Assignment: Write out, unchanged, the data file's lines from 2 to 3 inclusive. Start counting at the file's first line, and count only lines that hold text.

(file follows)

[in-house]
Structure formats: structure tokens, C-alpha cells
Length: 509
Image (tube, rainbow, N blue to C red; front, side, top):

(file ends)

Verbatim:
Structure formats: structure tokens, C-alpha cells
Length: 509